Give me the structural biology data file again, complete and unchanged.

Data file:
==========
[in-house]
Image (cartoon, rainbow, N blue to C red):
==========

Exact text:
[in-house]
Image (cartoon, rainbow, N blue to C red):